Day 2

This was the walk over Harris Saddle, the highest point in the track, to Routeburn Falls hut. The track started in the trees, which was good as it was raining. It soon passed out of the bushline and I started to get wet - my upper body was ok, protected by my jacket, but I was only wearing shorts so they got wet but it was not too much of a problem. I was walking in my beaten up DMs, which are full of holes to let the water in but people with proper gore-tex boots did not fare much better.

Once I had left the shelter of the valley the wind was very strong, driving the rain into my face and almost pushing me off the path at times - long drop down the side of the valley. Apparently the wind was reaching 80kph. I was absolutely freezing but eventually managed to get to Harris Shelter at 1255m where some other walkers took pity on me and gave me coffee - they had a stove with them.

The walk onwards was mostly downhill, and the wind and rain eased off long enough to get a good view of the valley and lake Harris. The mountains looked really pretty with dark rock and spots of white snow, but there was a lot of cloud so I couldn’t see the far away mountains. I found myself humming the music from Lord of the Rings again, for the first time in the day.

The wind and rain soon came back and I struggled on to Routeburn Falls hut, which is at 1000m and just within the tree line perched on a steep slope near the falls of the same name. I was really glad to be there as it meant that I could take my wet shoes and socks off and warm up by the fire. We all spent the rest of the afternoon listening to the wind and rain, I think that being soaking wet really makes you appreciate getting to the hut. The day’s walking only actually took about 4 hours, and everyone arrived in plenty of time that they could have walked to the end of the track if they had wanted to. Noone did.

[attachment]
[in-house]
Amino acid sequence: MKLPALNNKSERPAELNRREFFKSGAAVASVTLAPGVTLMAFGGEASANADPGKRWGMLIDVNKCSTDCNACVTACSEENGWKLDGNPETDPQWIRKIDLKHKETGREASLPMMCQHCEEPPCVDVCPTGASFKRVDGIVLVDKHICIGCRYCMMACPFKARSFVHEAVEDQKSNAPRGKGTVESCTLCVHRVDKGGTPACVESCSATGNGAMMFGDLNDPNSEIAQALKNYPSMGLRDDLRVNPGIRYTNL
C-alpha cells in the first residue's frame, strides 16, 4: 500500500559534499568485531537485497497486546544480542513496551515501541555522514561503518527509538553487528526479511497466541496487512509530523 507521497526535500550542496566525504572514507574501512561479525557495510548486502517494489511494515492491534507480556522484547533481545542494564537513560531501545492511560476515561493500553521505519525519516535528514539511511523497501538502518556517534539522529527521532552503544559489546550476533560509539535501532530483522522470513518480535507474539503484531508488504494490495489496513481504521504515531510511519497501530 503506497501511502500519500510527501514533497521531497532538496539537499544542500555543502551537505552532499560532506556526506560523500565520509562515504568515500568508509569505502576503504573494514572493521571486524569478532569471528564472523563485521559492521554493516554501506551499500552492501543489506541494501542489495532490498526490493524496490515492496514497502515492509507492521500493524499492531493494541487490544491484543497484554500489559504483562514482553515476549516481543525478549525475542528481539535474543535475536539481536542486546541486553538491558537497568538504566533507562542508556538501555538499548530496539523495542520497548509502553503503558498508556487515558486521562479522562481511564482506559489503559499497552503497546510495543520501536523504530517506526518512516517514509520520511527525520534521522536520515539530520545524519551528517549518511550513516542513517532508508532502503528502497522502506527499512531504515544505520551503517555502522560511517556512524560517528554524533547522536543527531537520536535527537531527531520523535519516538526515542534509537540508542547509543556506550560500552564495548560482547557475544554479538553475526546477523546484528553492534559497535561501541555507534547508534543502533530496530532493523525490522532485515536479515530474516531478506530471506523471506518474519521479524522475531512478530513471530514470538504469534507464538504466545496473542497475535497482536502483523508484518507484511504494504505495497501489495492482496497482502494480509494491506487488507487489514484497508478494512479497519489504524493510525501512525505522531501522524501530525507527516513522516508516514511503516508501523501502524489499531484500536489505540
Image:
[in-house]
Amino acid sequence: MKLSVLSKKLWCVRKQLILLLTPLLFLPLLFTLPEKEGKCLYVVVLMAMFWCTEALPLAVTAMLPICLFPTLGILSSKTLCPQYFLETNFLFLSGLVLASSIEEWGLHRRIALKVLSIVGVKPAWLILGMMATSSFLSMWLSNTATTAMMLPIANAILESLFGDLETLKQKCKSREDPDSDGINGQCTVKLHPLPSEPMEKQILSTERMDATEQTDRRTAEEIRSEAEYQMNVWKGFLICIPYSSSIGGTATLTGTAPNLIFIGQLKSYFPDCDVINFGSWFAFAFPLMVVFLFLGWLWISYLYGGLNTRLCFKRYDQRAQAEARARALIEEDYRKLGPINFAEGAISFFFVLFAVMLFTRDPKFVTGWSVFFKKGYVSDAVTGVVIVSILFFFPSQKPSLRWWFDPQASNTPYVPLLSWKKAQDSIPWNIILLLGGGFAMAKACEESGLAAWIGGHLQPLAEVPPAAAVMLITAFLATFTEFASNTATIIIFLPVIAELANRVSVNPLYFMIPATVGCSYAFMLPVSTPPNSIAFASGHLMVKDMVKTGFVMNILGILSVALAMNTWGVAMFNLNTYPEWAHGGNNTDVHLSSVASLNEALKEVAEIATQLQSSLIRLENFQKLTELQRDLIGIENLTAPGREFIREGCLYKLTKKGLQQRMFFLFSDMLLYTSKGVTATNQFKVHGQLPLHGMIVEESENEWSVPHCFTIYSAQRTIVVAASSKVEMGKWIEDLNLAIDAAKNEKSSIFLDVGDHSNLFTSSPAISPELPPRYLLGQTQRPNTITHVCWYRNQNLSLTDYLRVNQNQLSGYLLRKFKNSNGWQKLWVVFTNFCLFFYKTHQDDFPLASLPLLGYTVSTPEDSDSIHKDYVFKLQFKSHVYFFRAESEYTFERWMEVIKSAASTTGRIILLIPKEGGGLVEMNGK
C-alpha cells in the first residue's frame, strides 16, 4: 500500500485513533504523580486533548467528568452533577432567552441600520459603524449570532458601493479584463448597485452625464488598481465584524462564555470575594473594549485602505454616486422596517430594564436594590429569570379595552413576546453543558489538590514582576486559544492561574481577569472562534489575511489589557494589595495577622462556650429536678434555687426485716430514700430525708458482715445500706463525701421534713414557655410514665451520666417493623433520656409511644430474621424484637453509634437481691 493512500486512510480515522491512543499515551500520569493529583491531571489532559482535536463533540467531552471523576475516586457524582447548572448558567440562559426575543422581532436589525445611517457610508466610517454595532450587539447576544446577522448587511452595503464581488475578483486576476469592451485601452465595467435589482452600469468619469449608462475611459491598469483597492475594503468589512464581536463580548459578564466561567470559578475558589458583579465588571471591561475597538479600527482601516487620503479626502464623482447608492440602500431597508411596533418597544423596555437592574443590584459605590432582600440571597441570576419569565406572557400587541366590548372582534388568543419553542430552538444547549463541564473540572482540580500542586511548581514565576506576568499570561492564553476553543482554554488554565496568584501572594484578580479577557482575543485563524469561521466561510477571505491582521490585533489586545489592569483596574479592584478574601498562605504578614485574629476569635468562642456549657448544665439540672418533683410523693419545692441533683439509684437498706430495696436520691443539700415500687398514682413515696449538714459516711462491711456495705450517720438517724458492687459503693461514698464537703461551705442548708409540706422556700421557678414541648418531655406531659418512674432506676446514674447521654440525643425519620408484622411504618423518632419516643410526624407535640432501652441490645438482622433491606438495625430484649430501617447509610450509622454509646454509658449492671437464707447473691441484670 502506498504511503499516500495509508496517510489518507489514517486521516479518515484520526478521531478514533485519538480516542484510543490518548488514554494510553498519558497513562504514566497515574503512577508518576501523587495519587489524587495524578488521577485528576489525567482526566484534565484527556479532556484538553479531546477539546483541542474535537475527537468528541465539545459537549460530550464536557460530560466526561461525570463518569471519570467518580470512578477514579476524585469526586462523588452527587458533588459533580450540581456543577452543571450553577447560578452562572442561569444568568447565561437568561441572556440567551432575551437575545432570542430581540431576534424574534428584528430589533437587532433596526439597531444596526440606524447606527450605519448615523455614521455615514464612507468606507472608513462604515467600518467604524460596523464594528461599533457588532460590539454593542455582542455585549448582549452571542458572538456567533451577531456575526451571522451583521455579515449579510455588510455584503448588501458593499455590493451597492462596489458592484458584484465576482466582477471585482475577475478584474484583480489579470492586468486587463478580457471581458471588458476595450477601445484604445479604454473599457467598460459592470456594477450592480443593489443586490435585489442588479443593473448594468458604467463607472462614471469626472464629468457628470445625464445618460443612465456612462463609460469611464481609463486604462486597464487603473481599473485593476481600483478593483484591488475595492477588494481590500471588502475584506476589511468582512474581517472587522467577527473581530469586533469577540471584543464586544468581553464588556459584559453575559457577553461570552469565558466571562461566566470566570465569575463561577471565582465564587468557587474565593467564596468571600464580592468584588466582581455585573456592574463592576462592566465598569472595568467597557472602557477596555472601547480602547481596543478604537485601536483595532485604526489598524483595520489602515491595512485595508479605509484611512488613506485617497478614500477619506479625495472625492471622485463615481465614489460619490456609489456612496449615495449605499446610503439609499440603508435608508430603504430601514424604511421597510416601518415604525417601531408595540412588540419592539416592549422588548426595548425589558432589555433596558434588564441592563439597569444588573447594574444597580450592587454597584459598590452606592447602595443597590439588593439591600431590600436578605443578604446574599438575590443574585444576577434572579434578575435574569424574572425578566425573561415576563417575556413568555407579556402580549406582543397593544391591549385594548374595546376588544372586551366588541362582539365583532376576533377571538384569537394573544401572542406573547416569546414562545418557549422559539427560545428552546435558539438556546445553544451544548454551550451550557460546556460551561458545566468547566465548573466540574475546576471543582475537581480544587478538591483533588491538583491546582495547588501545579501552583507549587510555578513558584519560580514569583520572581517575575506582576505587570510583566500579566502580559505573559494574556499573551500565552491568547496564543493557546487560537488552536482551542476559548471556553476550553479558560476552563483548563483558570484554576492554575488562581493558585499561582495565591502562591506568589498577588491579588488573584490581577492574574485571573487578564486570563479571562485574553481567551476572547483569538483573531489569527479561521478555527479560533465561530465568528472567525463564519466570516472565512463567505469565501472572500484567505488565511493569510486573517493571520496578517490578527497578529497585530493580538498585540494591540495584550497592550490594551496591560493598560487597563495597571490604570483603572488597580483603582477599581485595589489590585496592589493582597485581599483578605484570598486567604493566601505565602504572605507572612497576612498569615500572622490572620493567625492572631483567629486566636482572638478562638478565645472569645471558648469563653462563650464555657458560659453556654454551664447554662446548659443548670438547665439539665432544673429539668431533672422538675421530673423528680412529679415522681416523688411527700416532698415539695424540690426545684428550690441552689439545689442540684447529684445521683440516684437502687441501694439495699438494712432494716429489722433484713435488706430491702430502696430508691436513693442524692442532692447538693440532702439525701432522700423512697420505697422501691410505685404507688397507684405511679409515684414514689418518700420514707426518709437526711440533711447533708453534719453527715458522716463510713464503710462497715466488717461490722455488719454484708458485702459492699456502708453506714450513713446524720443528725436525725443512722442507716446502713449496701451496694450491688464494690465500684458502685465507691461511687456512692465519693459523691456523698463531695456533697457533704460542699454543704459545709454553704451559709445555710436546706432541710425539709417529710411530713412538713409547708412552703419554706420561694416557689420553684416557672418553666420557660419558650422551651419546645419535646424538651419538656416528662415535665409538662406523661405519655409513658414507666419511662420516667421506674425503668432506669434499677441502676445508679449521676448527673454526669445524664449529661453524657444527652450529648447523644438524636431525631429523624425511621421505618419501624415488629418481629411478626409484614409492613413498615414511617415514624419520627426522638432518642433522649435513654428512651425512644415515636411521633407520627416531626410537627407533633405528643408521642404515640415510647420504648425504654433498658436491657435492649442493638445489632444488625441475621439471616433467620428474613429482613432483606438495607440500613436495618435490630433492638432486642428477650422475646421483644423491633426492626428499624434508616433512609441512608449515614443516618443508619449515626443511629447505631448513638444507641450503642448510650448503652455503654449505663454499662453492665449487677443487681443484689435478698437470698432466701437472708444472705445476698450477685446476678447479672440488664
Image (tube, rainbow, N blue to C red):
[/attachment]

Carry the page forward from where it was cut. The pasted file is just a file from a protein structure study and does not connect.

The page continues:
Day 3

The day dawned bright and sunny, and I found out that the noise I had thought was rain when I was in bed was actually the waterfall nearby. As the weathere was good and I had plenty of time I walked around and photographed the falls.

I started on the track to the bottom of the valley. The trees are less dense than at the start and less covered by moss, but they were taller. A landslip in 1994 gave a great view into the valley, allowing you to see the forrested walls and the grassy bottom with river.

The river in question is the Route Burn, and is a tributary of the Dart river, used in the filming of Lord of the Rings and feeding into Lake Wakatipu, on the shore of which Queenstown is situated. I walk through the forrest with the river never far away, and I seem to frequently encounter waterfalls on the streams feeding into the river. The valley walls slope up sharply on either side and look spectacular when you can see them though the trees. The track crosses several rivers, using swing bridges - small suspension bridges which bounce and swing all over the place. Eat your heart out millenium bridge.

Slightly scary moments when I came to a section of wooden bridge which had been dameaged by falling rocks during the rain and associated piles of water. Luckily it held my weight, but loads of other people coming the other way had used it without incident. Near the end of the track, the whole path had been washed away in a landslip, which required a bit of a scramble - not easy with a big rucksack. Finally made it to the end and sat around on the grass for a couple of hours as I had plenty of time until the bus to take me back to queenstown.

Tuesday, December 2nd, 2003

Now in Queenstown, the anal bouncer capital of New Zealand, where even people who are obviously in their mid-20’s need ID to get into some shitty pub. They also do extreme sports here apparently.